"Adapted from Holzer, Swanson, and Shea (1995).

Hispanics. The corresponding rates for a 1-year prevalence period were 19%, 26%, and 20%, respectively. In both instances the rates are significantly higher for Black than for White respondents. More detailed analyses of lifetime and 6-month prevalence for Mexican Americans have been presented by the Los Angeles ECA group (Burnam et al., 1987; Karno et al., 1987).

In subsequent ECA analyses, Holzer, Swanson, and Shea (1995) presented ethnic comparisons for a 6-month prevalence period, as shown in Table I. These crude rates, weighted to population composition, are higher for Blacks than Whites in every group and higher than Hispanics in all but alcohol abuse or dependence and major depressive episode.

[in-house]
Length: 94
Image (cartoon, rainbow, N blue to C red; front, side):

In order to test the ethnic differences, Holzer et al. (1995) created logistic regression models for any disorder that included age, sex, race, and socioeconomic status, as well as their two-way interactions. In the first model using socioeconomic status as a categorical variable, the main effect for race was not significant, although there were significant age-by-race and race-by-socioeconomic status interactions. In a second model, which used socioeconomic status as a linear variable, race and the interactions remained significant, indicating that the ethnic differences are not cancelled by simple demographic controls.

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